The creature that lay curled up on the floor was becoming even tenser. The pain was getting worse by the minute, every bone and muscle was aching, his teeth were set so hard they might shatter into pieces. His brain was clinging to the last vestiges of humanity, barely hanging on.
He remembered violet eyes, huge with worry and relief, her warm soft body when she had lain in his arms, how her lips had felt when he’d kissed her and the scent of her hair. Then he had tried to kill her. Disgust.
Frantically he searched around for a better last memory. He saw her sleeping, her lips slightly parted, unruly dark hair spread out over the pillow, her face relaxed, all the bad dreams and anxiety gone because she knew he was there, watching… then her head lying on his best friend’s breast, her pleading note to him not to hurt him.
He yowled in pain.
How much longer?
Detective Inspector Paul Usher was doing something highly illegal in the West End this Saturday afternoon: He was breaking into a flat. He had not even applied for a warrant, nor could he, if asked supply any kind even of remote evidence to justify this break in.
It was hot, the beginning of August, and Paul was hoping and praying no one would catch him entering a very posh flat looking out on Regent Street.
He’d called out his friend’s name softly before he’d come in knowing his senses were very acute and that he would hear him through walls and heavy doors. He listened – no answer. Carefully he stepped through the hall, always ready for a quick retreat for – much as he liked his friend – he still remained what he was – a vampire.
Paul half expected to find Marcus in his library – the sun was much too bright for him to be outside – or in one of the other rooms. He’d even wondered what he would do if he found him lying in his rooms sick, then remembered that Marcus had once told him there was no way of him being sick, he was dead already, had been so for more than 80 years and – as he’d said with a crooked smile – “not a common cold even once.”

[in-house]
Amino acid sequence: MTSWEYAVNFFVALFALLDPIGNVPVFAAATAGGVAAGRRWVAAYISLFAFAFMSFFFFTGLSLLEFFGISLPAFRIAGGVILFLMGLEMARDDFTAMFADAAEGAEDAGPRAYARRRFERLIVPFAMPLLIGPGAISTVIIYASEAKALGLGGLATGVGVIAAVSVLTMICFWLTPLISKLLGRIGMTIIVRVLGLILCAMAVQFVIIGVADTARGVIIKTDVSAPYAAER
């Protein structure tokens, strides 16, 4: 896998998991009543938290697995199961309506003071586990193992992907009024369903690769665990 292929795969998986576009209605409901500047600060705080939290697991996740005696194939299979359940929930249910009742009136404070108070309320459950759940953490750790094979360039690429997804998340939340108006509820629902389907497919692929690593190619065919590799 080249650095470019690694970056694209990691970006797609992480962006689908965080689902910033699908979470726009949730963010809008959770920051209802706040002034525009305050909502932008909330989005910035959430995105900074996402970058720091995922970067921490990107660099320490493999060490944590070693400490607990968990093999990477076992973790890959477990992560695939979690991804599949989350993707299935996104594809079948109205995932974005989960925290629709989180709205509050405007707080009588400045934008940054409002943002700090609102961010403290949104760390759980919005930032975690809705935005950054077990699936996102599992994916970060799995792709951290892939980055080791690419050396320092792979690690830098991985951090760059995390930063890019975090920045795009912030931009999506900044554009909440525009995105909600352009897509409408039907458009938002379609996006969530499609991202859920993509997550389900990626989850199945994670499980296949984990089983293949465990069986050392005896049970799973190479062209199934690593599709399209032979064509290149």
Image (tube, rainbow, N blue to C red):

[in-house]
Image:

He looked around once more: everything was spotlessly clean, dusted and polished, but also empty. It didn’t look as though Marcus had left on purpose: there was still food and coffee in the kitchen (the last time Marcus had decided to leave he had brought all the food to Paul’s place), books and papers were in a jumble on the desk, other books open around it. He had been working on something obscurely medieval, Naomi would know what. There was some sheet music open on top of the piano.
Paul was about to leave when he saw something that almost made his heart stop. Marcus’s car keys and mobile phone were jumbled inside the pages of the latest issue of the English Historical Review. Why would he leave these behind if he was going on an extended vacation of now four weeks? Paul shook the paper and three pencils fell out: ah, definitely working.
Now Paul was getting worried: he started going through Marcus’s jackets in the hall closet and found what he had dreaded finding. In his favourite leather jacket he had left his wallet. Oh no. How would he tell Naomi about this?